"The whole definition of what constitutes America's Sweetheart is a really complex one and different from what constitutes a Tiger Beat teeny-bopper sex symbol for males," said Robert Thompson, a professor of popular culture at Syracuse University.
James Robert Parish, a Hollywood historian and author of "Fiascos: A History of Hollywood's Iconic Flops," says that the actresses who have historically been labeled sweethearts "project not only sweetness but vulnerability, which is very important because then people can relate and don't feel threatened.
"Not only do you need to be a beautiful, wholesome American, but you need one or two defining roles that put you into that category where people say 'Oh, whenever I go to see a Julia Stiles picture I know it's going to be this romantic comedy and it's not going to be threatening that my husband or boyfriend is going to want to run off with her and forget about me,'" Parish said.
The current queen of sweetness is Witherspoon, 29, whose Southern charm and comedic timing won her praise in movies such as "Election," "Legally Blonde" and "Sweet Home Alabama."
Witherspoon took such fare to the next level with her Oscar-winning performance as June Carter Cash in "Walk the Line," and in March, she reportedly surpassed Roberts to become the highest-paid actress in Hollywood, earning $29 million for the 2007 horror film "Our Family Trouble."
Delaina Dixon, a staff writer at OK! Magazine, says Witherspoon is "stepping into Julia's role with the Oscar."
But behind Witherspoon is a pack of beautiful actresses clamoring for the attention. Dixon thinks 29-year-old McAdams (who was actually raised in Ontario) and Bynes, the WB's 20-year-old "What I Like About You" star, are definitely women to watch.
"McAdams is interesting in the sense that she doesn't follow the Hollywood rule of being in the spotlight all the time," Dixon said. "It's really all about the work."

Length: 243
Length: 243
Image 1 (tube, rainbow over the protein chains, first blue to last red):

McAdams starred in the highly successful comedies "Wedding Crashers" and "Mean Girls" and the sleeper hit "The Notebook."
As for Bynes, "she's fun and down to earth," Dixon said. "I think a lot of people enjoy watching her." Bynes' current flick, "She's the Man," garnered mixed reviews.
Smokey Fontaine, the editor in chief of Giant magazine, points to women like Bryce Dallas Howard, who will star in "Spider-Man 3," Michelle Monaghan, who will star in "Mission: Impossible 3," Kate Bosworth, who will star in "Superman Returns" as the American actresses to watch this year.
"It's interesting for a lot of these young actresses to be in these big Hollywood blockbuster summer movies," Fontaine said. "If you do well and you kind of steal a couple scenes, your name recognition will go through the roof and it can really set you up in a good way."
And like Bynes, who got her start on Nickelodeon, the new guard doesn't necessarily have to begin their careers on the big screen. They do need, however, need to have a sense of comedic timing.
"When they can do a comedy, you think of them being nice if they can make fun of themselves," Dixon said.
There comes a time, though, when America's Sweetheart outgrows the label.
Roberts seemed to give away her fears of the future when she played a movie star in the 1999 film "Notting Hill" and delivered the line: "One day, not long from now, my looks will go. They will discover I can't act, and I will become some sad middle-aged woman who looks a bit like someone who was famous for a while."
For Roberts, who won her Academy Award for "Erin Brokovich," starring in a Broadway production is another attempt to broaden her artistic resume. "Even Julia did fluffy movies at the beginning," Dixon said. "Now she can afford to do Broadway."
Some, however, say Roberts is starring on Broadway to step into the next phase of her career, as the dearth of gritty Hollywood roles for women in their 40s ultimately removes them from the Sweetheart spotlight.
"By that point both their physical look and newer people coming up demand that they sort of mature into other roles," Parish said, adding that Hollywood doesn't "write roles for mature actresses."
Parish said being America's Sweetheart might hurt a "serious" actress' artistic integrity, even if it's only for a few years.
But when you're paid $29 million a picture, even the most devoted thespian is usually willing to suffer for her art.